Scrutinising the physical risks of climate change that real estate portfolios are exposed to can uncover new opportunities as well as reduce risk, participants at the ULI Europe conference in Amsterdam heard on Wednesday.

Maarten Jennen, senior director for private real estate at PGGM, said the Dutch pension fund manager had developed a climate risk assessment process for its global real estate investments with Munich Re, and the work had revealed investment opportunities.

“It’s natural to start [the analysis] with those positions we already have, but there are a lot of places that have lower risk,” which had not been incorporated into prices yet, he said.

“A lot of economic activity happens at the seaside, and if that’s going to change, there will be more scarcity of good property so that could be a good opportunity,” Jennen said.

Explaining how the analysis project began, he said: “There’s a lot of awareness about climate change, but having awareness doesn’t improve your portfolio, so what we’ve done is to roll up our sleeves and take action.”

PGGM decided to join forces with German insurer Munich Re as it was necessary to work with a party that had the necessary models and scientific research, and its own incentive to get them right.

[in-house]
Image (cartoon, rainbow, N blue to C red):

“Their business can only exist by looking at climate risk,” said Jennen.

The exercise had resulted in PGGM geocoding all 4,000 of its real estate assets, providing information about the precise location of every single one.

“I think we will eventually expand our cooperation partnership with Munich Re,” Jennen said.

Dirk Brounen, professor of real estate at Tilburg University, said last month’s announcement by asset management giant BlackRock that it would make sustainability central to its investment approach, would have a significant impact on the way real estate was managed.

“Climate risk will become really material for your property manager… people like BlackRock won’t want to invest in you anymore, which will hit your value,” he said.

Brounen told the conference about the Carbon Risk Real Estate Monitor (CRREM) tool which property investors could use to assess the exposure of their assets to climate change.